It’s a pretty big discussion, and I will do an in-depth tip on that sooner or later, and with it include syncing GPS data (which is where things get really messy). But today while importing some photos I made while in Slovenia in October (yeah… I’m behind) I noticed something I’d never seen before.

Verifying Capture Time

The very first thing I did was to open a .CR2 file in Preview to check out the EXIF data and see what time it had set. I know for a fact that my camera was set correctly, so before I even went into Aperture (expecting to have some time zone confusion), I verified the time.

As you can see, the image was captured on October 12, 2010, at 17:51:48

Now what?

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Detailed Fix List for Aperture 3.1.1

Joseph @PhotoApps.Expert's picture
December 13, 2010 - 4:40pm

A kb (knowledge base) article was released explaining in much more detail what was fixed in the recent Aperture 3.1.1 update. No huge surprises here personally (many of these fixes were things I never knew were broken), but worth a read if you’ve discovered some bizarre activity in Aperture and are curious if it’s been fixed, or just to get more details on the iLife, Flickr, etc. updates.

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Aperture 3.1.1 Releases—Fixes For iLife Media Browser Included!

Joseph @PhotoApps.Expert's picture
December 9, 2010 - 11:17pm

I can hear the collective sigh if relief; feel the exhale on the back of my neck of all Aperture + iLife users plagued by the browsing problems introduced by Aperture 3.1—an absolutely fantastic release for many reasons, but undeniably hindered by a serious iLife compatibility issue.

Aperture 3.1.1 sets out to resolve those problems. Sound off in the comments if this update fixes your woes—or if not. Let’s hope for no “not!” remarks down below.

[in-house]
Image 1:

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Is the MacBook Air 11" Adequate for Aperture? We’re Gonna Find Out…

Joseph @PhotoApps.Expert's picture
December 8, 2010 - 10:03pm

I’ve been lusting after a new MacBook Air since they were released, but have been waiting to see what the reviews said for performance. After all, it’s (just) a Core 2 Duo processor, and even at the top-end, significantly lower specced than my 2.93Ghz 15” MacBook Pro from early 2009. But the hope of course was that with a more modern graphics card, the SSD “hard drive”, and some wishful thinking, that it could still stand up as an Aperture machine.

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Speeding Up Your Mouse for Aperture 3 (And the Rest of Your Computer)

Joseph @PhotoApps.Expert's picture
December 3, 2010 - 4:46pm

For those of you on a large screen, such as the 27” iMac, you may feel that the mouse moves a little bit too slowly—even at the highest speed setting. I don’t notice it so much when using the Mac for day-to-day stuff, but when using Aperture, where I’m constantly mousing from edge to edge of the screen, it was becoming tedious.

I’d installed System Preferences add-ons before and never been pleased with them. Somehow, the mouse just felt “wrong”. Perhaps they had a bad acceleration curve, but they never really felt good to me. In frustration the other night I set out looking for another one, and found the perfect solution. And it’s already built into your Mac.

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Who Shot What? Sorting Photos by Camera & Shooter in Aperture 3

Joseph @PhotoApps.Expert's picture
December 1, 2010 - 7:52pm

I ensure that all cameras — mine and my assistant’s — are perfectly synced immediately before a shoot so that I can edit them all chronologically later, without care to who shot what. That way when I’m sorting through photos of a critical moment (like the kiss at a wedding), I can step through image by image in perfect chronological order, regardless of who shot it or from what angle. This goes for multiple cameras that I may be carrying, and any other cameras under my control on the shoot. I find when compiling the best shots to tell a story, having all the photos in perfect order to be a tremendous timesaver (anyone who’s read any of my eBooks knows how much emphasis I put on having accurate and precise timestamps on my photos).

Separating my shots from their shots in Aperture 3

However if you’re on a job with an assistant/second shooter, such as a wedding, you may want to separate out their photos from yours at some point. Perhaps you want to see how many of their shots you ended up using (good way to judge how useful they were as a second shooter), or you simply want to take a critical eye to their work. Fortunately with Aperture, this is incredibly easy to do.